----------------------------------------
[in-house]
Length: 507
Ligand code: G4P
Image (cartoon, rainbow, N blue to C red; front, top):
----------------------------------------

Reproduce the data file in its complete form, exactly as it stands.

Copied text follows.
[in-house]
Length: 507
Ligand code: G4P
Image (cartoon, rainbow, N blue to C red; front, top):